Week of April 15, 2019

A weekly Saturday recap to share with you our favorite links, discoveries, exhibitions, and more from the past seven days. This week: A sneak preview of an all-star Spanish design exhibition coming to New York next month, the hard-to-get pastel-colored glassware we're pining for, and a jaw-dropping new collaboration between a Belgian fashion designer and architect, pictured above.

In Brussels, New Designs at the Place Where Art, Architecture, and Industry Meet

When we first heard that Belgian architects Kersten Geers and David Van Severen were collaborating with the Kortrijk-born, Turin-based painter Pieter Vermeersch for an exhibition at Maniera Gallery, we became, we'll admit, somewhat unreasonably excited. Our love for Vermeersch's signature gradients is well-documented on this site, and, if you'll recall, Office KGDVS's angular furniture collection was what set off our love for the Brussels-based Maniera all the way back in 2014.

Wall-to-Wall Carpeting Inspired By Architectural Jewelry? Yes, You Heard That Right

It might seem odd that a 235-year-old company — specializing in wall-to-wall carpeting for hotels, airports, casinos, and cruise ships — would collaborate with a relatively unknown jewelry designer from Australia, as is the case with Brintons' recent collaboration with Studio Elke. But in fact, it makes sense that Brintons would be moved by Elke's designs, which are often inspired by things like architecture, geometry, Art Deco, terrazzo, marble, and stone — in other words, things that easily and naturally translate into two-dimensional patterns.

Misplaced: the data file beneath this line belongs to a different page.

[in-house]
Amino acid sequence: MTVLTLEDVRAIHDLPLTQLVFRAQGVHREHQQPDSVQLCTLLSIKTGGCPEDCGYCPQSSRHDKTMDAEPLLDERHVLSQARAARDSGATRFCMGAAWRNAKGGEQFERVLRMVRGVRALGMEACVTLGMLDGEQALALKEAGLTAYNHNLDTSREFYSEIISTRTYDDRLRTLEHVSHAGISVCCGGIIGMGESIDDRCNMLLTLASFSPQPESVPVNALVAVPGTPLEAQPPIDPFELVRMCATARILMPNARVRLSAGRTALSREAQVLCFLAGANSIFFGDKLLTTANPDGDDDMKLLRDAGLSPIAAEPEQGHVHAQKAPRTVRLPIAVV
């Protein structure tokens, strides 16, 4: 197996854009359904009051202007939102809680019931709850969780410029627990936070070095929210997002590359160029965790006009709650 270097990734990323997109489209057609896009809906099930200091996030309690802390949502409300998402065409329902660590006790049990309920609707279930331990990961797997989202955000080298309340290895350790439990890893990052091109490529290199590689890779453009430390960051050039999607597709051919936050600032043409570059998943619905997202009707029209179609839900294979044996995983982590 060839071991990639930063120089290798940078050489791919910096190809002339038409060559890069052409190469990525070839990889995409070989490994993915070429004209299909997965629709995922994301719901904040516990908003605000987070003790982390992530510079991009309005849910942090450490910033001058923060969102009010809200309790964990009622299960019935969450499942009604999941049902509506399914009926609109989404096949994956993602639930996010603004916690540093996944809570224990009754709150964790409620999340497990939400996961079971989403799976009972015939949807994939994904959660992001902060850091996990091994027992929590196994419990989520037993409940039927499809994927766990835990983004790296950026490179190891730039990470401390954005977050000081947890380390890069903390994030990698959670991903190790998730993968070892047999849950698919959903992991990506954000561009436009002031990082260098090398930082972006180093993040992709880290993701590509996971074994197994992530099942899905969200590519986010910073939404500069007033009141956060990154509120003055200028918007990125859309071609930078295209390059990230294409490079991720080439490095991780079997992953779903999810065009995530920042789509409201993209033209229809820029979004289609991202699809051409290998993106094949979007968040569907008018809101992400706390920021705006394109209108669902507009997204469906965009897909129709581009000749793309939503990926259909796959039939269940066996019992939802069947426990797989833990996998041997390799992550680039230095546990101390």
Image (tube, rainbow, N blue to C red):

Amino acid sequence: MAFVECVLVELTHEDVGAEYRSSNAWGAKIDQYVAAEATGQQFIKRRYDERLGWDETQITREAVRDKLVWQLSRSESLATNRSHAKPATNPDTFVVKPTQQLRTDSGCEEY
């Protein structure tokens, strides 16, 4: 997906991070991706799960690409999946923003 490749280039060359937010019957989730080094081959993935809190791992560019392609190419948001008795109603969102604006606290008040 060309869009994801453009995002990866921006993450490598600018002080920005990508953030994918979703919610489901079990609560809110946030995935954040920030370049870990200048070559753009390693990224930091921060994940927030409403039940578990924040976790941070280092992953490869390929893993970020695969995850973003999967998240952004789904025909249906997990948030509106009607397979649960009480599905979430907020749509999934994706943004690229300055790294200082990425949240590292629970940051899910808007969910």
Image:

Metaflora x West Elm faux anthurium

The Interiors Trend With More Staying Power Than Millennial Pink — And How to Incorporate It Into Your Own Home

Metaflora recently teamed up with West Elm to create a series of faux botanical bouquets — orchids mixed with fan palms, proteas mixed with banana leafs or feathers, and the ubiquitous anthurium opening its waxy shell against a huge, graphic palm frond. The bouquets look shockingly real — the ends of the palm leaves are even browned and frayed a bit to mimic decay — and are also a shockingly affordable way to bring a sense of drama into anyone's home.
Arlo Skye x Sight Unseen suitcase

Like Sight Unseen? You’ll Love the New Suitcase We Designed With Arlo Skye

For years, people had been asking us when Sight Unseen might start getting into products. But what would we make? Tastemakers, we may be; designers, we are not. Then, earlier this year, we were approached by Arlo Skye, a new luggage company founded by alums from Tumi and Louis Vuitton, about collaborating on a limited-edition suitcase that would help launch their new, lightweight polycarbonate line. Today, we are excited to launch our first-ever product: the Arlo Skye x Sight Unseen suitcase, a carry-on and check-in available exclusively in sage, our pick for the next big color trend.